Hotel Arrangements for Convergence

Hotel Arrangements for Convergence

I have been attending science fiction conventions (“Cons”) since 1969. mia_mcdavid has been attending them with
me since we got married in 1978. These events usually are based around a hotel. Typically the Convention Committee
(“ConCom”) negotiates a group rate with a hotel. Convention members join the event and contact the hotel directly to arrange
accomodations, mentioning that they are part of the con to get a group rate. Back in Chicagoland, when we heard about a con
that we wanted to attend, the first thing we would do was get our hotel reservation in. Hotels do fill up and if you cannot
stay at the con hotel or another place withing easy walking distance, the con is not worth attending. Registering for
the con itself can be delayed somewhat, depending on registration costs and deadlines.

Here in Minnesota the biggest con, Convergence, does things differently. You
register for the convention. To get a hotel room at the con rate you go through the Concom. Their Hotel Subcommittee (hereafter
referred to as the Hotel Committee), then allocates the hotel rooms. This happens after you register for the convention. When
you register for the convention there is no way to be sure you will get a hotel room. In past years, to maximize our chances
we put our names on the hotel list as soon we registered, on the last day of the preceding year’s convergence.

We put up with this for several years and managed to get our rooms, but at the end of Convergence 2009 the rules were
changed. The ConCom did not take names for the 2010 hotel list. They announced that they were going to use an on-line
reservation system. However, this was not ready at that time. They would announce it and publicize the web link when it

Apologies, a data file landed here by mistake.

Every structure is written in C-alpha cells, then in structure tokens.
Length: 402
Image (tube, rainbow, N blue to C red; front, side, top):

became available. However, the publicizing of the web link was …. somewhat selective, as noted by Mia here.
By the time we found out about it all the rooms at the con hotel were gone, taken by the Concom and friends who
had been tipped off privately. However, it worked out
OK for us. We stayed next door at the Sofitel.

I had hoped to repeat this success for Convergence 2011, but the Hotel Committee stole a march on me and blocked the Sofitel
as well, forcing all hotel registration there to go through them. By the time I though to check on this the only way we could get a room was through the Concom. So I fretted and carefully
watched my e-mail and the Convergence web site for the announcement. When it came I quickly jumped through the hoops
and got our room.

Sunday, July 3, was the last day of Convergence this year. I walked up the desk of the Sofitel and asked about a room
for 2012. They told me they did not have a convention rate that far ahead, since they did not yet have a contract with the
con. No argument with this. However, they were perfectly willing to offer me a room at the public rate. So I asked them what the public rate for
three nights would be, figuring that a year in advance it might not be too bad. It was not much more than the current con rate
so I took it, figuring the con rate would be about the same the following year. We had our room for Convergence 2012 before
Convergence 2011 was over.

On October 22, 2011, the Hotel Committee announced that they were
taking reservations at the Doubletree, the main con hotel. Three days